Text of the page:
some people might find a restaurant that wants microgreens, and sell those..for example..and make a good living..but if you plant just what you think you should and everyone else does..then the market will not have the little niches filled and there will be a glut of some items and the prices of those will be low.
 
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Location: Northern New Mexico, USA
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It's a huge range, but you will likely net 10 - 28% of gross. So if you sell $100K in produce, you'll pocket $10K - $28K before taxes. This won't happen in 1 - 2 seasons, either, only on a more mature operation. There are not a lot of farmers markets where you can gross $100K. So look for other markets too.

Since you are married, one of you ought to have a secure job and farm part-time while the other person farms full time. Assume you will make nothing for 5 - 6 years and you should be okay. Assuming you'll turn a decent profit year 2 is unrealistic.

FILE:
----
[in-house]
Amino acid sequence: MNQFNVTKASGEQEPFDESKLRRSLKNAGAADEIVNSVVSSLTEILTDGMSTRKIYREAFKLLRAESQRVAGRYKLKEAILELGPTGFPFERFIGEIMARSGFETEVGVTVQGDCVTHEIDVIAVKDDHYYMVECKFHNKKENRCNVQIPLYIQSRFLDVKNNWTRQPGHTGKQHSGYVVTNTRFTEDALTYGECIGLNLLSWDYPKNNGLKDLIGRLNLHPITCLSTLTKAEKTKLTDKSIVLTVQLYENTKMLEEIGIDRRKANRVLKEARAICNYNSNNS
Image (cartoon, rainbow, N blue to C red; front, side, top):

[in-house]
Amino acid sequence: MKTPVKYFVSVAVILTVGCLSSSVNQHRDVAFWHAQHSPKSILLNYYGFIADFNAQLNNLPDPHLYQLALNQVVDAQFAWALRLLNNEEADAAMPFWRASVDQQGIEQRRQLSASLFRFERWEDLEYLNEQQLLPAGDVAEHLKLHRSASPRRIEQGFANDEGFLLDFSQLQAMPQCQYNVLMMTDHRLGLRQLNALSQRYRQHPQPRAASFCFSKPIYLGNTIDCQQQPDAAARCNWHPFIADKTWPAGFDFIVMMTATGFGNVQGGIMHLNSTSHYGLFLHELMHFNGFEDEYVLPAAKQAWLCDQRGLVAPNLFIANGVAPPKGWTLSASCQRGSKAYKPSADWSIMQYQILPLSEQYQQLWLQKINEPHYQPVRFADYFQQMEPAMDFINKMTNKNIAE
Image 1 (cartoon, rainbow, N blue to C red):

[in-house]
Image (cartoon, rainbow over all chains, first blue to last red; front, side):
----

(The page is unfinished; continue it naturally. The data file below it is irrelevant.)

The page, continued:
You should be able to design a farm that grosses $100K with 2 acres under cultivation. On a three-year rotation, that means 6 acres. The best way to learn is by getting paid position on a working farm you respect. You'll learn tons and get a paycheck too!

 
                          
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You have asked a very good question! How much money can we really make? Well I believe if you look up http://www.spinfarming.com/ you will get some very exact info and great ideas on crops etc for sales. I have learned  a lot from them so far and my son and I have been vending in a very small town of less than 4000 people and we always make over $500/wk. They have excellent ebooks you can down load I would highly recommend them. I believe from what I've learned in the next few years working part of the year I'll be able to make $30,000.